Historical Timeline of Nursing Theorists
Historical Development of Nursing Timeline
Jill Dawson, BSN, RN, IBCLC
May 7, 2012
Historical Development of Nursing 2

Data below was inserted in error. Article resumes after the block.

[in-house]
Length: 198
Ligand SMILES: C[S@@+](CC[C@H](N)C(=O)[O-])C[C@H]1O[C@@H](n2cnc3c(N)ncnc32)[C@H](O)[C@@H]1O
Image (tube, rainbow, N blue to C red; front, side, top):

The historical development of nursing has transformed over the years since the beginning writings of Florence Nightingale originating in 1859. Although she did not publish her work as nursing theory, Nightingale’s Notes on Nursing is presented as the first nursing theory and has directed practice for the past 150 years (George, 2011). Across this span of time, there have been dozens of theorists who have published work complementing the evolution of nursing as both a profession and a science. Despite Nightingale’s identification as the most famous name in nursing (Ellis, 2010), the first recognized theory of nursing was not published until 1952, by Hildegard Peplau (McCrae, 2012). Peplau’s Interpersonal Relations in Nursing was completed in 1948 and emphasized the nurse as the change agent for patients healing rather than physical treatments or organization of services (McCrae, 2012). In this theory, she “described an interactional process relevant to all nurses” (p. 223) that consists of four steps; orientation, identification, exploitation, and resolution (McCrae, 2012). Similarly, Virginia Henderson identified that nursing is a response to functional needs of humans and equated health with independence. She describes 14 fundamental needs of humans and also intended her theory to apply to any spectrum of care giving (McCrae, 2012). These 14 components guide nurses in identifying areas where patients lack the ability to meet certain personal needs (George, 2011). During the 1960’s, the focus of theoretical nursing shifted from a problem and need focus to that of the relationship between nurse and patient, looking at “how nurses do what they do and how the patient perceives his situation” (George, 2011, p. 10). One prominent
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